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Toyota Solara Convertible - 2004 and Newer

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Comments

  • douggreendouggreen Posts: 10
    Consumerreports online has the same information, but doesn't have a full road test report like it does with most models. I am wondering if they have done a complete road test on the latest models.

    I just bought a Solara SLE convertible and I just don't see what they are talking about. I test drove and Audi S4, BMW 325, Chrysler Sebring, and the Solara SLE. The smooth ride and lack of noise of the SLE was very comparable to the Audi and BMW (and my 6'1" teenage son can actually sit in the back). The handling and features were certainly nicer in the $50K cars (price when you add navigation, etc.), and it would be nice to have a completely automatic top. If I didn't care about money and didn't need to cary anyone in the back seat, I'd take the Audi. However, I would put the performance and quality of the Solara much closer to the Audi and BMW than it is to the Sebring.

    If you want a convertible for $30K, the Sebring simply cannot compare. The engine noise was pronounced, and the interior was not finsished nearly as nice. I like the exterior styling of the Sebring better, but I spend more time looking at the interior :)

    If price is your main consideration, then you may want to try to pick up one of the 2004 Sebrings that are still on the lots. Dealers are being told that they can't have 2005s until they clear them out. It's still a good looking car and a decent value.
  • mcdaddymcdaddy Posts: 3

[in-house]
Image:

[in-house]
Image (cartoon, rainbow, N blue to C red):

I am just beginning my search for a car and have never owned a convertible. I definitely like the quality of Toyota products. I'd stick with my '01 C class, but I've had enough small problems to be concerned about the quality long term. I'll probably stay away from Chrysler for the same reason.

    I understand convertibles lack the structural support supplied by the roof, I was just concerned that I didn't see the comment in other convertible reviews.

    As you did, I plan several test drives of several makes and what the actual driving experience is.

    Question: can you be more specific on your comment of not having a "completely automatic" top? Thanks.
  • douggreendouggreen Posts: 10
    To open the top on the Toyota (and other sub-$40K cars), you release two levers/latches on the roof and push a button to automatically retract the roof. You then have the option of manually cover the retracted roof with a piece of fabric/leather that makes it look nicer and protects the folded roof against wind. When you close the roof, you have two re-close the latches once the roof deploys to complete the attachment. No big deal.

    On the Audi and BMW, there are no levers (they are automatic). What is really nice, however, is that a compartment opens up to swallow the roof when it retracts, eliminating the need to put on a cover. It is covered automatically with a pannel that looks like part of the body. Also no need to carry the cover in the trunk. Really cool, but perhaps not worth $15K extra.

    The real deal killer, however, was that neither the Audi nor BMW had room for my teenagers in the back with the front seat set where I like it (I am 5"10"). The back seats were for emergency use only. Perhaps in 3 years when they are both gone :)
  • maceemanmaceeman Posts: 2
    i also live in upstate ny and was lucky to find an '04 demonstrater red with tan top. you cant buy a better bad weather car. handling great on ice and snow, very quiet, heats up quickly. only drawbacks are no rear visibility(I just bouught some backup warning sensors) and disapointing gas mileage on the 6(tops out at 25 mpg)
  • maceemanmaceeman Posts: 2
    there are many aftermarket products that are easy to install. i just bought a simple sensor beeper after i backed into a car. look on ebay
  • jazzman1jazzman1 Posts: 13